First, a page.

An opinion piece from August 22, 2016, titled “Patent Judges Should Be Scientists, Too” in the Wall Street Journal proclaims that patent judges should be scientists and that the “courts aren’t equipped to weigh technical claims in fields like biotech, raising uncertainty for innovators.” However, such a proposal would not likely fix the identified problems as the complexity of the technology is not the issue. It’s confusion in the law itself.
The authors, Alex Berezow, a senior fellow at the American Council on Science and Health, and Neal Mody, the managing director of a Seattle venture-capital firm, highlight three biotech cases that were in front of the Federal Circuit and the Supreme Court such as Sequenom (prenatal testing), In Vitro v. Cellzdirect (refreezing liver cells for research), and Myriad Genetics (breast cancer gene screening).
The authors propose (emphasis added):
Why such confusion surrounding biotech patents? For one thing, courts have little to no technical expertise. Judges, who seldom have laboratory experience, are having to determine what constitutes a novel, and therefore patent-eligible, innovation. An idea that appears obvious to a legal expert might be revolutionary in the scientific community. The opposite can also be true.
The authors conclude that “Congress ought to create a court that focuses specifically on patents that involve extremely complicated technology” that is staffed with “judges and experts who have backgrounds in software, artificial intelligence, nanotechnology, biotechnology and other scientific fields.” There are several issues with this idea.
Primarily, each of the cited cases involved multi-million dollar biotechnology but was decided as a matter of law—i.e., whether the subject matter was “patent eligible” under 35 U.S.C. § 101 and the 2014 SCOTUS case, Alice. Courts invalidating patents via deeming “patent ineligible subject matter” has not been limited to the biotech field (“naturally occurring phenomena” not patent eligible), as software and business method patents have felt the same heat (“abstract ideas” such as algorithms, math, or fundamental economic principles are not eligible). While the new proposed court would presumably have experts in each technology, patents across many disciplines invalidated under the new legal interpretation indicates that the legal precedent is to blame. Congress and/or the courts need to clear up the confusion on the legal issues soon.
Secondly, the authors conflate “patent eligibility” with “patentability.” There is an important distinction in the patent world as patent-eligible subject matter was the deciding factor in the referenced cases. Specifically, patent eligibility is determined under 35 USC § 101 while the key statutes for patentability are in 35 USC § 102 (novelty) and § 103 (non-obviousness). A novel invention may not be patent eligible and a patent-eligible innovation may not be novel or non-obvious.
While this may seem unimportant, procedurally, it is vital. Typically, whether a judge kills a patent under § 101 is a matter of law (e.g., dismissal or summary judgment) while invalidation of a patent under sections 102 or 103 may have issues of fact involved. For those reasons, a judge and jury will hear testimony from expert witnesses on such matters as interpretation of the patent and the state of the art. This is similar to many trials with complex subject matter where each party presents an expert to report and opine on the issues of fact —e.g., product liability, construction, medical malpractice, finance, and forensic and scientific dependent torts and crimes. Invalidations under § 101 have occurred earlier and earlier in trials as a mechanism of judicial economy.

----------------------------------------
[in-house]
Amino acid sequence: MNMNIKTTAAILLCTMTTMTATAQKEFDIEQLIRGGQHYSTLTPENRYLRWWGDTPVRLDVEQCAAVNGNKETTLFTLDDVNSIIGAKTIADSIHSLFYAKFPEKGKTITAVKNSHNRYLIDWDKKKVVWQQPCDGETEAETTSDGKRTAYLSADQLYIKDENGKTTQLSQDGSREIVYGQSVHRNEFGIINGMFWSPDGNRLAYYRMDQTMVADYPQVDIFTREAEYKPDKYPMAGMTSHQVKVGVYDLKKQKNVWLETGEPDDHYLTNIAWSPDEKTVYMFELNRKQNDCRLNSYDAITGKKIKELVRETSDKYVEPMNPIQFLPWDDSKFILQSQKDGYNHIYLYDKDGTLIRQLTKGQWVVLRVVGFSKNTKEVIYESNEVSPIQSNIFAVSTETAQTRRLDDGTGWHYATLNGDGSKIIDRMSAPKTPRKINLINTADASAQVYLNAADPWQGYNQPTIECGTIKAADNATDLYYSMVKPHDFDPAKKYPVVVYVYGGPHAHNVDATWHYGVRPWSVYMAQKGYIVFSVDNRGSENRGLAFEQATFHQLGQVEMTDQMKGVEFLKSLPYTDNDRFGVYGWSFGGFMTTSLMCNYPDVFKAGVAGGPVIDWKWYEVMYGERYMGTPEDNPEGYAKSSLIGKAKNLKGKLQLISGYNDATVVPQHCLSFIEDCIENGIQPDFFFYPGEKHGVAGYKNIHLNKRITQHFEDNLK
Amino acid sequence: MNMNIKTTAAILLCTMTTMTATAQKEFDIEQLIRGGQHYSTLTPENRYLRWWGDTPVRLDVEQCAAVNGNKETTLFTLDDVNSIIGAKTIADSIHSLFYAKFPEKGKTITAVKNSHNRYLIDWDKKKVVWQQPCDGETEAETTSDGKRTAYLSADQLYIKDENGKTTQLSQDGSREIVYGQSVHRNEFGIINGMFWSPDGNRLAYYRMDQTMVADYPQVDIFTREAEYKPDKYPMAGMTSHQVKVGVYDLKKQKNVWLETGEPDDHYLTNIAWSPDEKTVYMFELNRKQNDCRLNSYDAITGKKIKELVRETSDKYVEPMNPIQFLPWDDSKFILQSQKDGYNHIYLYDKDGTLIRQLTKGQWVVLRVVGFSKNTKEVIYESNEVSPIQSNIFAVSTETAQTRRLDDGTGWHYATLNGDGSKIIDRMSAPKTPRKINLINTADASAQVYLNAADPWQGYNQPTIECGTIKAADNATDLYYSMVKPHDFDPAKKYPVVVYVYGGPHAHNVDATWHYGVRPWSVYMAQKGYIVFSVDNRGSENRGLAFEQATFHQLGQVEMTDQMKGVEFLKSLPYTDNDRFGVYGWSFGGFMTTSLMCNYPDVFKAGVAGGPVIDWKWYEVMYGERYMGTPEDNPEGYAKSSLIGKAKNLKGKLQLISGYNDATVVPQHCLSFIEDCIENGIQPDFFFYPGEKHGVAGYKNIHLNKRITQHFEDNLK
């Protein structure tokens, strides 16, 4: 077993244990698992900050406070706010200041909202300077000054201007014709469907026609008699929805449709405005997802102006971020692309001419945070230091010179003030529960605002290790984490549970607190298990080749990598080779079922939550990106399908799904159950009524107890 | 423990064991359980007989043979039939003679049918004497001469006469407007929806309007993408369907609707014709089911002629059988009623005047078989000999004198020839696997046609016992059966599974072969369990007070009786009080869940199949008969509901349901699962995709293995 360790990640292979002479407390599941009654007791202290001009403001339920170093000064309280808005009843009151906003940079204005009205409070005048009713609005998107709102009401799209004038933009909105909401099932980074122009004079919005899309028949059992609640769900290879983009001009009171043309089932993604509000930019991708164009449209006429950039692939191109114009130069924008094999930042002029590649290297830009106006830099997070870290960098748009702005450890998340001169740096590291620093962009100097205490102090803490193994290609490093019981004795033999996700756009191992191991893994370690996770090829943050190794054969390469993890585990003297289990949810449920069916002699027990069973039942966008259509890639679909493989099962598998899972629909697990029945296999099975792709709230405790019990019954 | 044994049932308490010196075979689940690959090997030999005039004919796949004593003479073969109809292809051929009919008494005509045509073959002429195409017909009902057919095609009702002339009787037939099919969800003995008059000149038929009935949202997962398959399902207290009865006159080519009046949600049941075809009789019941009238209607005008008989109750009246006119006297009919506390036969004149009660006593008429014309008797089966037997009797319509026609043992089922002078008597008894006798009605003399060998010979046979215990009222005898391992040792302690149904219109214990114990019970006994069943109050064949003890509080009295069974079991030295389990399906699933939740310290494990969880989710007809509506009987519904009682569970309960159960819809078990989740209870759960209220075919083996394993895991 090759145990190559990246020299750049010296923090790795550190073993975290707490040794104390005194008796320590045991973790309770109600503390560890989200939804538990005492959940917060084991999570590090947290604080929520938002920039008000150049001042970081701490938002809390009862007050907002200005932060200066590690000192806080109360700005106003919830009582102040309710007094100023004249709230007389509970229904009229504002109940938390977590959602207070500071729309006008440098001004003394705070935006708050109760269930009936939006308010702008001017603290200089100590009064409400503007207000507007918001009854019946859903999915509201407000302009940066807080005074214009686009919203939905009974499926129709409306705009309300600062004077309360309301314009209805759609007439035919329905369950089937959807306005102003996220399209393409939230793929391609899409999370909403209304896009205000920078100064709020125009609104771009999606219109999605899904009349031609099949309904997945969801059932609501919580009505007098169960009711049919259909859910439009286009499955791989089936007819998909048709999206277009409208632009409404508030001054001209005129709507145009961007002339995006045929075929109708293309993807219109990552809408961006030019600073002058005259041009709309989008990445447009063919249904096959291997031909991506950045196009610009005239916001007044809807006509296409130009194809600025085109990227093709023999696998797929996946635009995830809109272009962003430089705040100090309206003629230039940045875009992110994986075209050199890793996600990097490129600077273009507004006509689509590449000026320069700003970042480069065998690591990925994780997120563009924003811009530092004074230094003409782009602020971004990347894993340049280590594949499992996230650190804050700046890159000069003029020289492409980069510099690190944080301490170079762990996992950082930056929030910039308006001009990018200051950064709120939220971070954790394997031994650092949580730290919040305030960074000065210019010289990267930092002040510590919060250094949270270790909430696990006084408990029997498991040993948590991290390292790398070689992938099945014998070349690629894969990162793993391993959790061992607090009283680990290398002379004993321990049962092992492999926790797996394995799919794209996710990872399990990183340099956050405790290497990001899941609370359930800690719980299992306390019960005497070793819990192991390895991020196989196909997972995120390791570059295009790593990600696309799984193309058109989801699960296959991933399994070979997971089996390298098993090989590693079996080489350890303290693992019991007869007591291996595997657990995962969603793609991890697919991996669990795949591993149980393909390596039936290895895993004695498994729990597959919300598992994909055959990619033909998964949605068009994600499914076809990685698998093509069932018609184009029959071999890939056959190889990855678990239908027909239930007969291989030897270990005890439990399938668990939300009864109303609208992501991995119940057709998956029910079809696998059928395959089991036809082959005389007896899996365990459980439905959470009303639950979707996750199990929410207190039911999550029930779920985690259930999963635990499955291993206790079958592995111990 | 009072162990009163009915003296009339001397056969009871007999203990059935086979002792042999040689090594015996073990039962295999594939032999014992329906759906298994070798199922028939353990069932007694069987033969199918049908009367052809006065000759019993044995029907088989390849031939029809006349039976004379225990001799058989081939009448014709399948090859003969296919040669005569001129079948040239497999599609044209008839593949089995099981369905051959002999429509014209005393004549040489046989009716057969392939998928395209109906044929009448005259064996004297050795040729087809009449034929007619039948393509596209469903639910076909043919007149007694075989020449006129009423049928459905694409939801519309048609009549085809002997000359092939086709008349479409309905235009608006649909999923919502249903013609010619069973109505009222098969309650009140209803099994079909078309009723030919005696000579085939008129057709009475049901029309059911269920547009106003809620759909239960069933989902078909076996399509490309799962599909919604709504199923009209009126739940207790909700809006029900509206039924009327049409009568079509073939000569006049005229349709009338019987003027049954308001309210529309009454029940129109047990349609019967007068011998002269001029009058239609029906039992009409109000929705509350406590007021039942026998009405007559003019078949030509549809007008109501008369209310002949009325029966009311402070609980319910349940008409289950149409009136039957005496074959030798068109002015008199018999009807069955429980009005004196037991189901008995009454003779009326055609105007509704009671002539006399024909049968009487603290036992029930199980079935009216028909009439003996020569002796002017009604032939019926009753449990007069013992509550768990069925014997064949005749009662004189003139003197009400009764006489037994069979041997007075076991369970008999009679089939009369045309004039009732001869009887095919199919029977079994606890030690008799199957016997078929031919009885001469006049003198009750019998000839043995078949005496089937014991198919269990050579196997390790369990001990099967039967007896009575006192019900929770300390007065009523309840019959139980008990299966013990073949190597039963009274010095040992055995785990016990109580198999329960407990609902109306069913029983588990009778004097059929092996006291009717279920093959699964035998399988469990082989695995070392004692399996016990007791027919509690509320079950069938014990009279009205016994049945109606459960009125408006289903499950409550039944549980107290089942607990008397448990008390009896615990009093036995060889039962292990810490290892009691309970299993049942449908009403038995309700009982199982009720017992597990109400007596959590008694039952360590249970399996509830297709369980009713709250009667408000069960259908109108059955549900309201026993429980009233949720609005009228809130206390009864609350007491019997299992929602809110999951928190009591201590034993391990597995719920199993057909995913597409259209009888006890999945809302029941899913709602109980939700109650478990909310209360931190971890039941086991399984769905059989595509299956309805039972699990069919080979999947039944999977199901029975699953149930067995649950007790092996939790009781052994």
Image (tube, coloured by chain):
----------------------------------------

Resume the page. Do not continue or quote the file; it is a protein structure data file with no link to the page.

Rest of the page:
Judges and USPTO patent examiners have been known to conflate the issues of eligibility and patentability as well, but most in the industry would attribute that to an interpretation of the law in flux rather than ineptitude with the technical aspects. Invalidation of a patent as “well-understood, conventional and routine” would seem like an issue under sections 102 or 103, but is actually a determination under part II of the Alice test for section 101. Whether she is a scientist, a legal scholar, or both, a consistent analysis is not easy.
Thirdly, the Federal Circuit was created specifically for patent matters and the judges, respectfully, need to be held accountable for this quagmire. Specifically, while other appeals courts have the task of error correction, the CAFC has the mission of creating uniformity in patent law. It is unclear that creating good, clear precedent is still a goal.
One of the main qualifications is the ability to handle patent cases, as each judge is nominated by the President and must be confirmed by the Senate. For instance, Judge Newman and Judge Laurie each have a Ph.D. in chemistry. Judge Chen, Judge Stoll, and Judge Moore, each has a background is in electrical engineering. Of course adding more technical judges to the federal bench is never a bad thing, but creating an entirely new court solely for complex tech could both render the Federal Circuit superfluous and further muddy important legal interpretations.
Accordingly, while most inventors and patent practitioners would not disagree that there is a problem in biotech and other technology when an invention “appears obvious to a legal expert might be revolutionary in the scientific community,” this is a problem with the law. To the extent that a judge has to “determine what constitutes a novel…innovation,” that is a determination based on presented evidence and expert testimony (see, e.g., the experts at TechPats).
So if your concern is uncertainty for innovators in a multi-billion dollar biotech industry, then your letters to congress should plead for statutory clarification on subject matter eligibility and not creation of a new kangaroo court.